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Corroboree (2007)

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A beautiful young man has been summoned to an eerie meditation retreat by a dying theatre director. The young man has been given a tape of instructions; over a weekend he must perform ... See full summary »




Credited cast:
Conor O'Hanlon ...
Dr. Elsja
Natasha Herbert ...
Susan Lyons ...
Margaret Mills ...
Ian Scott ...
Jethro Lazenby ...
Little Joe
Rest of cast listed alphabetically:
Jethro Cave ...
Little Joe


A beautiful young man has been summoned to an eerie meditation retreat by a dying theatre director. The young man has been given a tape of instructions; over a weekend he must perform scenes from the director's life. He visits different rooms encountering five actresses who all portray key women in the director's life. They rehearse the boy to play the lead role in an as yet 'unmade film'. The dying director watches young boy's progress as he searches to inhabit the director's identity. It's an Alice in Wonderland tale and an unpredictable journey of self discovery for all concerned... Written by Megan Spencer - Director Perth Film Festival

Plot Summary | Plot Synopsis


Drama | Mystery





Release Date:

11 June 2007 (Australia)  »

Also Known As:

I Won't Grow Up  »

Company Credits

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Technical Specs

Sound Mix:

(original release)


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User Reviews

Mystery and voyeuristic suspense
21 June 2007 | by (Sydney, Australia) – See all my reviews

Mystery and voyeuristic suspense in an abstract and even distant way abounds most of "Corroboree"from its very beginning right through to the end. We are taken on a very private, aesthetically beautiful and tonal journey, the darkness prevalent but also the light of nature, of the magic of light. It is a strange film, a film of unexplained urges and inclinations, a very physical and adventurous drama of daring and unique intimations. The suspense builds because of the silence and paucity of dialogue at times, which makes the audience work all their senses at once. Many questions spring to mind but most importantly there is a pervasive and lasting thought that one must not raise logical questions for logic and rationality seem to be no longer present and appear not to even need to exist. The control of Conor, the feeling that he is suspending criticism of those around him and his overriding acceptance and non-resistance to this journey are cues to how we are to engage in the drama that unfolds. I thought of Ingmar Bergman's "Cries and Whispers" and Thomas Mann's "Death in Venice" with Bogarde and a beautiful young man I thought reminded me of Conor with the glory of unlined and glowing young flesh. As a painter of such beauty, at least knowing I could most sensitively paint that flesh, especially with the visually resplendent last image of blood streaming down the torso, so extreme and yet with so much control and silence, is a haunting vision that stays with one.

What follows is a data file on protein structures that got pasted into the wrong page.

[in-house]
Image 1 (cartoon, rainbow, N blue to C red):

I am not sure I understood a lot of the film. It tore at all the logical and everyday humdrum notions of what films are usually all about or how predictable they are, in the way they appeal to the popular masses. Perhaps I could be critical about some parts of the film but only if I could truly come up with an alternative reality but that would ultimately only be subjective and not my prerogative, for I am a mere onlooker and observer.

Many questions are summoned to the forefront of my at times feeble consciousness.....as a lover of aesthetically beautiful and visual feasts, I would have to say that Conor afforded a lavish smörgåsbord of assorted visual treasures which the film takes with it, bringing Conor from an obscure unknown and unassertive stance into the drama which then unfolded in all its personal and yet impersonal and at times cold and abstract way... The distances are accentuated from person to person, the private dramas of some of the characters seem to create distance or there is a quality of estrangement from the characters in the film. A deliberately undeveloped feeling of the characters is created.

I found this quote which betokens a meaning I might ascribe to the film:

"I want very much to tell, to talk about, the wholeness inside every human being. It's a strange thing that every human being has a sort of dignity or wholeness in him, and out of that develops relationships to other human beings, tensions, misunderstandings, tenderness, coming in contact, touching and being touched, the cutting off of a contact and what happens then." (Bergman in John Simon's book Ingmar Bergman Directs, 1972)

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